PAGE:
Mutations in complement-associated genes, and particularly in the CFH gene, have been shown to be associated with age-related macular degeneration (AMD), one of the leading causes of blindness worldwide [60]. Several mutations in complement-associated genes reported in patients with aHUS patients, such as Arg1210Cys in CFH, were found to confer a high risk of AMD development [61]. The relevance of this shared genetic association between two distinct clinical phenotypes remains unknown. Retrospective analyses of AMD databases did not reveal a higher incidence of renal disorders in carriers of complement gene mutations known to cause both aHUS and AMD [62]. On the other hand, patients afflicted with membranoproliferative glomerulonephritis type 2 (MPGN2), a renal disease that is also associated with CFH mutations, show AMD-like features [63]. This suggests compound (genetic or environmental) factors may influence the final clinical outcome. Indeed, AMD and MPGN2 share a common pathogenic mechanism, i.e., the deposition of complement-containing material beneath the retinal pigment epithelium in AMD and along the glomerular basement membrane in MPGN2 [63]. On the other hand, the pathogenic mechanisms causative of Purtscher-like retinopathy are shared with those of aHUS, namely endothelial injury, activation of the coagulation cascade and ultimately thromboembolic microangiopathy [52]. Moreover, aHUS patients may carry multiple complement factor gene mutations, which could imply different cellular pathogenic mechanisms [64]. Cross-phenotype studies are required in order to understand similarities and differences in complement-mediated pathogenic mechanisms of both aHUS and AMD. This could elucidate the effects of eculizumab and other complement-modulating agents in the treatment of AMD and other ophthalmic diseases. A recent phase 2 study demonstrated that eculizumab failed to arrest progression of geographic atrophy (GA) when administered for 24 weeks to patients with dry AMD (COMPLETE study) [65]. It is likely that, although complement dysregulation is knowingly associated with AMD, pathogenesis and progression of GA may occur independently of complement overactivation [66]. In our case report, uncontrolled complement activation had a direct effect as a facilitator and trigger of the retinal thromboembolic microangiopathy, and therefore, it is highly probable that local complement inhibition by systemic eculizumab enabled the rapid resolution of the retinal microembolization with ensuing resolution of the intraretinal macular edema. These complement-mediated effects differ from those attributed to the complement pathway in diseases characterized by deposition of extracellular material such as AMD and MPGN2. Complement inhibition has been demonstrated to occur within 1 h after administration of eculizumab [55]. Therefore, eculizumab may be more efficacious in suppressing acute complement-mediated changes such as thromboembolic microangiopathy of retinal and renal vessels, as opposed to chronic changes induced by uncontrolled complement activation such as in AMD. The authors of the COMPLETE study argue that intravitreal administration of eculizumab might have resulted in a more favorable outcome. Our case provides indirect evidence that systemic eculizumab, at the administered dosage, does reach therapeutic concentrations at the level of the choroid and is able to penetrate the RPE and retina. In addition, the dosing regimen used for treatment of aHUS has been shown to reach drug complement-inhibiting concentrations in the peripheral blood [56].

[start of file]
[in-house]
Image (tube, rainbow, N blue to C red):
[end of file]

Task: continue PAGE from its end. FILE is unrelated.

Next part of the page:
The description of this case raises the possibility that eculizumab may be a valid therapeutic strategy in severe cases of Purtscher-like retinopathy in which the primary pathogenic trigger is attributed to dysregulated complement activity. The benefit of intervention over expectant management can only be convincingly assessed with a randomized clinical trial, which, given the rarity of the disease and the extreme high cost of the drug (about US $350.000 per patient per year), is unlikely. The dramatic and rapid visual recovery demonstrated in this patient, even in the presence of established poor prognostic signs, namely poor visual acuity at presentation, intraretinal macular edema and female gender, provides convincing evidence that eculizumab was causally related to the attained superior outcome. To the best of our knowledge, this is the first report in the literature of eculizumab as a potential therapeutic strategy in Purtscher-like retinopathy.


Compliance with ethical standards

Conflict of interest

Author JERC declares that he has no conflict of interest. Author ROS declares that he has no conflict of interest. Author MO declares that he has no conflict of interest. Author FJB declares that she has no conflict of interest. Author MS declares that she has no conflict of interest.

Human and animal participants

All procedures performed in studies involving human participants were in accordance with the ethical standards of the institutional and national research committee and with the 1964 Helsinki Declaration and its later amendments or comparable ethical standards.

Informed consent

Informed consent was obtained from all individual participant included in the study.


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Open AccessThis article is distributed under the terms of the Creative Commons Attribution 4.0 International License (, which permits unrestricted use, distribution, and reproduction in any medium, provided you give appropriate credit to the original author(s) and the source, provide a link to the Creative Commons license, and indicate if changes were made.

Authors and Affiliations

  1. 1.Department of Ophthalmology, Academic Medical CentreUniversity of AmsterdamAmsterdamThe Netherlands
  2. 2.Division of Internal and External Medicine, Department of Nephrology, Academic Medical CentreUniversity of AmsterdamAmsterdamThe Netherlands